0
votes
1answer
32 views

Can “it” refer to or represent any element showing in the foregoing sentence?

In human soul sensory capacities are as fundamental as intellectual ones. It attain perfect goodness through many different powers including both intellectual ones and sensory ones. I use ...
0
votes
1answer
5k views

Which one is better, a matter of urgency, or simply urgency?

It becomes a matter of urgency to establish the accountability of the public officials. It becomes an urgency to establish the accountability of the public officials. Which one is ...
-1
votes
1answer
60 views

Is “morality in conduct of ..”" a natural expression?

Which one is better? There is a deep gap between morality in personal conduct of the officials and the public expectation for it. vs. There is a deep gap between the behavior of the ...
0
votes
2answers
135 views

Which question tag below is correct? Apparently the second is correct but I want to put emphasis on first part of the sentence “ I take it …”

"I take it that your question has to do with what my perception is of being a good teacher, isn't it?" "I take it that your question has to do with my perception is of being a good teacher, hasn't ...
3
votes
3answers
3k views

What is the exclamation “Why, I never!” a contraction of?

The exclamation "Why, I never!" is a well-worn exclamation (I think more common in Britain than in the US?), often used to express indignation upon having been accused of something. The structure of ...
7
votes
1answer
567 views

Are “adult” and “adulterate” cognates?

The word adult appear to have derived from the Latin term adultus, meaning grown up, mature, adult, ripe. Adulterate (and its cognate adultery) is reported to derive from the Latin adulterare - to ...
1
vote
2answers
4k views

How do I ask permission to override a course? [closed]

I need override for a course I want to take next semester. Instructor has asked to email him asking permission. What should I write in the email? Respected sir/madam, I need prerequisite ...
0
votes
2answers
158 views

What does “Blood money becomes bloodied money” mean?

There was the following sentence in New York Time’s (January 9) movie review of “Cold comes the night” that came under the title, “She’s hard as nails, he’s noir and nasty”: ...
1
vote
1answer
60 views

Definite article or not in “the low sampling frequency”

I do not mention what is the sampling frequency but I know that it is low. Should I use the article "the" or not in the following? 1 This can be highly error prone because of narrow bandlimited ...
1
vote
4answers
216 views

Can dogmas be false? Or is the very meaning absolute? [closed]

The word 'Dogma', does it mean: This is the truth or Something that is believed to be true I did search but I have hard time grasping what it really means. Edit: What I really want answered is: Can ...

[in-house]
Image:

4
votes
4answers
1k views

What's with the apostrophe in the standard spelling of the idiom “how's about”?

A recent question on EL&U asks Is it correct to use "how's" as short for "how does"? I have a series of tangentially related questions about a fairly common (in American ...
0
votes
4answers
424 views

“You” as an indefinite pronoun in a first-person statement

But like most young people of my generation, waking up 6 am in the morning to study things you do not understand, is not an idea that appeals to me Is my usage of 'you' in this context wrong? ...
0
votes
2answers
316 views

What is the proper word/phrase for SMS style language? [closed]

What is the proper word/phrase for SMS style language? Then one's which are commonly used while sending text messages, containing shortened words, phonetic spelling, multiple punctuations ...
1
vote
0answers
32 views

Are hyphens needed in a noun-phrase that precedes 'manner'? [duplicate]

I sometimes use "manner" to use noun-phrases as adverbs, like "in the manner of a vigilant watchdog". If I reverse the order, does the noun phrase then have to be hypenated? Like so: "in a ...
1
vote
1answer
368 views

In the early 1900s, would the name (Nettie/Nette) have been more likely to be spelled Nette or Nettie?

I am developing a family album. In doing so, I have seen the name (Nettie/Nette) spelled both as Nette and as Nettie. I have not been able to locate relevant birth records. Can someone tell me ...
-2
votes
1answer
230 views

Can anyone come up with two names whose pronunciations are respectively same as “who” and “how”? [closed]

I would like to find out occidental names whose pronunciation are close to my names in my native language. The first name and second name contain preferably only Latin alphabet. In order to state the ...

15 30 50 per page